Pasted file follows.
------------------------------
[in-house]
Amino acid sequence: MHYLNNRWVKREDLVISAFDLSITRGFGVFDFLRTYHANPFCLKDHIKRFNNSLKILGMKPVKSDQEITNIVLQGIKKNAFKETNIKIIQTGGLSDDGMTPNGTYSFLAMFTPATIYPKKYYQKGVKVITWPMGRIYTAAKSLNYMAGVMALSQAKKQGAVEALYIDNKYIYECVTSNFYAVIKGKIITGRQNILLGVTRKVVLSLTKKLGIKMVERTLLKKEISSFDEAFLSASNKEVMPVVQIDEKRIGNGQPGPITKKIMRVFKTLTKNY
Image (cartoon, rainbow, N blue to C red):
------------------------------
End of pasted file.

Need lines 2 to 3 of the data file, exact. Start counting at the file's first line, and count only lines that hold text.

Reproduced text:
Amino acid sequence: MHYLNNRWVKREDLVISAFDLSITRGFGVFDFLRTYHANPFCLKDHIKRFNNSLKILGMKPVKSDQEITNIVLQGIKKNAFKETNIKIIQTGGLSDDGMTPNGTYSFLAMFTPATIYPKKYYQKGVKVITWPMGRIYTAAKSLNYMAGVMALSQAKKQGAVEALYIDNKYIYECVTSNFYAVIKGKIITGRQNILLGVTRKVVLSLTKKLGIKMVERTLLKKEISSFDEAFLSASNKEVMPVVQIDEKRIGNGQPGPITKKIMRVFKTLTKNY
Image (cartoon, rainbow, N blue to C red):